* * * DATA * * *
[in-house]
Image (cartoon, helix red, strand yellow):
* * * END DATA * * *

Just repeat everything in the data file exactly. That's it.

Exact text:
[in-house]
Image (cartoon, helix red, strand yellow):